I finally finished my first round of stuffing shoots. It is a task akin to painting the Forth Bridge. Just when I think I have crammed the last wayward shoot into the trellising wires I have to return to the vines where I started and begin the process all over again until they are big enough to behave themselves. Teenagers!!!
I did however manage to set some time aside to perform another important spring operation in the vineyard: gathering petiole samples for analysis of nutrient content in the plant tissue. Analysing the presence of absorbed nutrients is a good way to see how healthy your vineyard really is. Or not.
There is conflicting opinion as to whether the leaf blade is a better indicator of nutrient content versus the petiole. UC Davis has advocated for years that the testing of petiole samples is the most accurate measurement of the vines uptake of nutrients. Now there is a school of thought that believes that testing the blade is a more accurate indicator. It actually makes sense to me, after all, the petiole is merely a channel by which the nutrients are delivered to the business end of the vine. The leaf is a little food factory which, when aided by sunlight, converts the nutrients deposited there into something the winemaker can use: all that sugary goodness that eventually becomes alcohol.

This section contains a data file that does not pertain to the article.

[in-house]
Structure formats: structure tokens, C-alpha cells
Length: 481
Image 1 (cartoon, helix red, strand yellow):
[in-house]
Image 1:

Having said that, I dutifully performed my petiole sampling of the Cabernet sauvignon and Syrah vines and sent the tissue to Dellavalle Laboratory Inc. Maybe next time I will try a blade sample.
Now I just have to wait for the results to see what my poor little vines are craving in the way of nutrients.